Loss into gain (2)
When Israel’s leaders turned to Jephthah for help, they were in distress and wanted to ‘use’ him. So Jephthah said, in essence, ‘Let’s get an understanding of the type of relationship we’re going to have.’ At that point, he negotiated with them and ended up in a top leadership spot. When our trust has been broken, we need to forgive. By doing that, we set ourselves free. But we need to use wisdom in how to move forward. Many of us will have experienced a similar situation to Jephthah’s at school, in the workplace, or even at church; perhaps someone has rejected, ignored, or laughed at us, but if they find they need our help, they want to build a relationship based only on the benefits they can get from it. While it’s important for us to be forgiving, compassionate, and help people who are facing difficulties, God doesn’t expect us to put ourselves in a position to be hurt again. Forgiveness should be immediate, but trust must be earned. The person who has hurt us must show the fruit of repentance – consistent behaviour that shows he or she has had a change of heart. Jesus said, ‘Prove by the way you live that you have repented of your sins and turned to God.’ We need two things: grace and wisdom. Grace means extending to others the same forgiveness that God has extended to us. Wisdom means understanding what kind of relationship we can have with that person in the future.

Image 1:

Is there anyone who has hurt you recently? Make the choice to forgive them, but also take time to ask God for wisdom in how to move forward with that relationship.
The UCB Word For You